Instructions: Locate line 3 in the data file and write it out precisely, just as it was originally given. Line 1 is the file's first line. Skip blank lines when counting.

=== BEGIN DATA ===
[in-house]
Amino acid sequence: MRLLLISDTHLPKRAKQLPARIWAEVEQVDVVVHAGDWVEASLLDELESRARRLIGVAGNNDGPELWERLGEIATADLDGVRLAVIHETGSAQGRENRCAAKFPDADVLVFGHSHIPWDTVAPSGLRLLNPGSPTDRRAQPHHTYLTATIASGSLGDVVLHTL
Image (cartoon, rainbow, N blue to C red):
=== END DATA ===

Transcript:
Image (cartoon, rainbow, N blue to C red):